This year citizens will vote to elect their representatives at the local level who will undertake the implementation of the reform in their department, municipality, community and district. Leaders of the new local government authorities must respond to their mission, exercise powers and responsibilities to strengthen democracy at the local and wider level and facilitate development of their community. Their mission should be to improve citizens’ lives as they regulate and manage a significant part of public affairs. The new authorities will be closer to the citizen, having discretion to adapt exercise of their responsibilities and powers to local conditions.

As democratically elected decision-makers, they are expected to give meaning and value to the reform of the local government for its essential modernisation, to improve the standard of living of citizens in the place where they live and work. Among their responsibilities are the areas of development and infrastructure, cleanliness, health and quality of life, social welfare and social cohesion, education and culture, security and civil protection, the environment and the fight against climate change. The provision of services, urban planning, digital upgrading and the encouragement of citizen participation in local affairs are also within their duties. There will be sufficient financial resources from taxes, fees, royalties and state grants and they will be able to dispose of them freely within the framework of their powers.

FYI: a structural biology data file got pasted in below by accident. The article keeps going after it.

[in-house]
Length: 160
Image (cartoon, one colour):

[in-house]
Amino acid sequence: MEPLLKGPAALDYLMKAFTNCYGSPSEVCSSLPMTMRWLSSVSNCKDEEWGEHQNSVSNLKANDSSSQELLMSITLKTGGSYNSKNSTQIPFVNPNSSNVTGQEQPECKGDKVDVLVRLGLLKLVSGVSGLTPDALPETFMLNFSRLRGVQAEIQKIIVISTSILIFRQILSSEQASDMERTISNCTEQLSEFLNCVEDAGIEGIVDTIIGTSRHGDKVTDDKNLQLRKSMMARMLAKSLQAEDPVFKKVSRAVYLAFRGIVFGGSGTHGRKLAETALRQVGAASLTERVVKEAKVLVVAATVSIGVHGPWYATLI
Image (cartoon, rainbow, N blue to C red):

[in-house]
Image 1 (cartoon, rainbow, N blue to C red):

Elected councils will be called upon to manage all local affairs in the enlarged boundaries, with a requirement for full legality, good governance, transparency and accountability. In the context of exercising their responsibilities, they must take into account government and European policy, the available resources and their balanced distribution within the framework of their financial capabilities.

They must approve an organisational chart and staffing with the intention of providing quality services to the local population and deal with issues that will arise from the transition as municipalities and communities merge into new municipalities.

As regards the district self-governing organisations through their elected presidents and councils, they will assume their own responsibilities and powers in relation to planning and environmental management issues, urban planning enforcement and implementation of the provisions of the Streets and Buildings Regulation Law and Regulations.

The councils of the small communities that are scattered across various rural areas, can with their work contribute to decentralisation and reform, promoting the voluntary amalgamation with the newly established municipalities or neighbouring communities, creating the possibility of their evolution into a municipality in the future. Their participation in community service clusters and their cooperation with other local authorities will contribute to the better administration of local affairs under their jurisdiction.

The representative body of municipalities and district self-governing organisations in the European Union is the Committee of the Regions, an institution consistent with the Treaty of Lisbon. Through this they will be able to formulate proposals in areas concerning the local and regional level. The Commission’s work is governed by the principles of Subsidiarity, Proximity and Partnership. The first one ensures that the decisions within the EU are taken as close as possible to the citizen and that the EU will avoid actions that can be better achieved at national and local level. The second ensures transparency and that the citizen is heard through governance that is on their side and the third ensures good European governance through cooperation at a European, national and local level.

George Coucounis is a lawyer specialising in the Immovable Property Law, based in Larnaca. E-mail: [email protected], tel: 24818288